Thursday, October 29, 2020

Masks of Mechanicsburg - highlighting The Rosemary House

The Downtown Mechanicsburg Partnership is sponsoring a social medial spotlight on downtown businesses and how they have adapted to the Covid 19 pandemic. Area businesses large and small have struggled during this time, trying to maintain normalcy in unique times while safely operating their business and offering a safe haven for customers. Below is the story that Susanna shared about The Rosemary House, including a recipe for a do-it-yourself disinfecting spray. 

The health and well-being of customers has always been a primary concern at The Rosemary House.  Whether it is suppling herbs and seasonings to enhance your daily meals or whether it is providing relaxing and fragrant essential oils to elevate or calm the mood of your personal space. For over 50 years The Rosemary House has always been there for the well-being of their customers. Currently, staff are happy to have “masked” discussions with customers about which herbs will best suit their needs. Looking to spice up your cooking or seeking herbs to help you sleep or support your immune system or simply want a tasty cup of tea? The Rosemary House is your local source for herbs, spices, teas and gifts.

Want to make your own disinfecting spray to wipe down those high touch areas? Here is a quick and effective recipe that The Rosemary House uses to keep their doors and counters clean:

  • 1 cup alcohol (either rubbing alcohol or vodka)
  • Add 30+ drops of your choice of essential oil (orange is uplifting, tea tree is anti-viral, lavender is relaxing, or eucalyptus to open sinuses, all are available at The Rosemary House!)
  • Add ¼ cup distilled water
  • 1 tablespoon hydrogen peroxide
  • Mix all together, bottle, and spray and spritz as necessary

The Rosemary House, your one stop herb and spice shop, was established in 1968! Herbs, Tea, and Gift items. Established in 1968, this family business is owned and operated by Susanna Reppert Brill. Parking in the rear or on the street. Follow us on Facebook and Instagram!

For more about the Downtown Mechanicsburg Partnership, follow them on Facebook!

Sunday, October 25, 2020

Halloween Tea - 2020

 Our annual Halloween Teas, held twice during October, feature special touches throughout the menu. Creepy Crawly Coleslaw was the first course served after our guests received their pots of tea. If you look closely at the photo, you'll see tiny edible bats adorned the salad plate. They complement the black paper bats that are flying above the centerpiece.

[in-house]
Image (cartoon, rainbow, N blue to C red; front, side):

A variety of sandwiches were served after the salad. Here you'll find The Great Pumpkin Cheese Sandwich with a touch of parsley garnish, the ever popular Toasty Ghosty with parmesan cheese, the Sweet and Savory Spooktacular Bat has a cheddar cheese filling with strawberry jam on the pumpernickel bread, Queen Adelaide's Coffin with a ham and chicken salad filling, and in the center, a Witches Eye made with our popular French Style Cheese Spread, radishes, and an olive eyeball.

The next course includes A Ghost of an English Cream Scone alongside a Pumpkin Pecan Scone. Sweet Cream and Cranberry Orange Curd plus fresh orange slices and a jellied candy pumpkin complete the plate.

For the Dessert course; 
Be prepared for a Zombie invasion (or chocolate cupcake, chocolate frosting and chocolate sprinkles, with a Zombie hand), Witches Finger (if you dare) (a green chocolate covered pretzel with an almond fingernail), and Never look directly into the Ogre's Eye (a matcha flavored cookie with chocolate ganache and candy eyeball). 
                               May your Halloween be creepy and super spooktacular!                                                                                    

Tuesday, October 20, 2020

American Fruit Bread with Rosemary

Debbie Hartman, of Thyme with Debbie has graciously shared the recipe for American Fruit Bread with Rosemary that she served at the Cooking with Mediterranean Herbs Class. Chockfull of yummy fruits and nuts plus the added boost of the fresh rosemary made this bread (served as mini muffins) a real treat. The muffin is very moist, but the addition of the orange marmalade with infused rosemary took it up a notch.

American Fruit Bread with Rosemary
2 c. flour
1 cup sugar
1-1/2 tsp. salt
1/2 tsp. baking soda
1-1/2 baking powder
2 Tbsp. butter, melted
fine zest of one orange
1/2 c. orange juice
1/4 c. water
1 egg, well beaten